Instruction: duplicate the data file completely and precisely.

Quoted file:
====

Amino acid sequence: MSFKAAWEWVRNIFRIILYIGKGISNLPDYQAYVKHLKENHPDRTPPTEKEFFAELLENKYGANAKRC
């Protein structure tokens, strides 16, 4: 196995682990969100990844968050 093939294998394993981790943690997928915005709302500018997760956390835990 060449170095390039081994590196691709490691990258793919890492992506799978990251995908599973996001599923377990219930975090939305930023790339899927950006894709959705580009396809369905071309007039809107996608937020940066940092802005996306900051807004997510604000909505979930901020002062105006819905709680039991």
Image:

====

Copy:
Amino acid sequence: MSFKAAWEWVRNIFRIILYIGKGISNLPDYQAYVKHLKENHPDRTPPTEKEFFAELLENKYGANAKRC
């Protein structure tokens, strides 16, 4: 196995682990969100990844968050 093939294998394993981790943690997928915005709302500018997760956390835990 060449170095390039081994590196691709490691990258793919890492992506799978990251995908599973996001599923377990219930975090939305930023790339899927950006894709959705580009396809369905071309007039809107996608937020940066940092802005996306900051807004997510604000909505979930901020002062105006819905709680039991």
Image: